EU Court hearing on Spain's clarification requests over Puigdemont extradition case underway
Spanish magistrate asks Luxembourg whether Belgium's decision to deny handing over former Catalan president ally was lawful
The European Court of Justice had a hearing on the Spanish Supreme Court's requests for clarification over exiled Catalan leaders' extradition cases on Tuesday.
The outcome of this procedure is thought to be key in order to know whether former Catalan president Carles Puigdemont, along with the five other pro-independence leaders in exile since late 2017, could be handed over to Spain – yet, other circumstances are also set to play a role, including the decision of the same EU court over whether three of the exiled politicians still have immunity as MEPs.
Regardless of the deliberations in Luxembourg, the Belgian and Italian judiciaries will ultimately make the final decisions on the extradition cases.
After Belgium rejected extraditing former minister Lluís Puig, Spain's high-profile judge overseeing the Catalan leaders' judicial case, Pablo Llarena, requested clarification over whether the decision to deny handing over him was lawful.
Indeed, Belgium rejected handing him over, arguing that he could see his fundamental rights violated in Spain, and mentioning the UN Working Group on Arbitrary Detention reports calling for the release of the leaders who did not leave the country and ended up in jail. Also, Brussels said that Spain's Supreme Court should not be in charge of handling Lluís Puig's case.
Supreme Court clarification requests
In response, Llarena asked the EU court whether Belgium can assess the risk of fundamental rights being violated in another EU member state, and if so, whether the Working Group's papers are a valid argument.
The Supreme Court magistrate also asked Luxembourg regarding "the elements in EU law so that a member state can resolve that in another member state a risk of fundamental rights violation exists."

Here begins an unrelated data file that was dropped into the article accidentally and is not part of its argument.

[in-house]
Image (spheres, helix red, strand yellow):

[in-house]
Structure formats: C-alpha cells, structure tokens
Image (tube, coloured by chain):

Llarena is also asking whether Belgium can have a say on which Spanish court has to try the 2017 independence push leaders.
Involvement of the European Commission, Poland, and Romania
Many parties are involved in the hearing that began on Tuesday at 9 am, including Puigdemont and the other exiled leaders' defenses, Belgium's judiciary which is defending Brussel's decision on Lluís Puig, Spain's solicitor general, as well as Poland and Romania, who have decided to take sides in the deliberation and have submitted an opinion similar to that of Spain, that is, questioning whether Belgium was allowed to assess potential breaches of fundamental rights if Puig were to be extradited.
The European Commission is also involved in the case and it is expected to reveal its opinion on the issue on Tuesday.
Although Italy has an extradition procedure against Puigdemont open, following his one-day arrest on the island of Sardinia, its judiciary has decided to not take sides or submit an opinion.
Puigdemont's extradition case also pending immunity decision
While the request for clarification regarding Puig's case will set a precedent for the other exiles' cases, Belgium's public prosecutor has stated that in the case of Carles Puigdemont, Toni Comín, and Clara Ponsatí, all former government members now in exile and MEPs, their extradition procedures will continue on hold regardless, because their immunity status has yet to be clarified.
After Puigdemont, Comín, and Ponsatí had their immunity as Members of the European Parliament (MEP) lifted in March 2021, their legal team appealed against the decision made by a majority of the members of parliament before the EU court. In June, they recovered their parliamentary privileges, before then losing them again in July in a provisional decision.
Magistrates in Luxembourg have yet to decide whether the removal of their immunity was done lawfully. Thus, the extradition procedures in Belgium and Puigdemont's in Italy are now on standby awaiting the EU court ruling.
Marta Rovira and Anna Gabriel, MPs in 2017 who left for Switzerland, have also got involved in the Luxembourg deliberations on Llarena's questions, but none of them have an ongoing extradition procedure at the moment.
Podcast on extradition procedures
Spain has been trying to extradite the Catalan independence leaders who went into exile after the 2017 independence push, but after four and a half years, several European countries have rejected handing them over and the Supreme Court has been unable to try them. Check out our Filling the Sink podcast on the extradition procedures published in October 2021.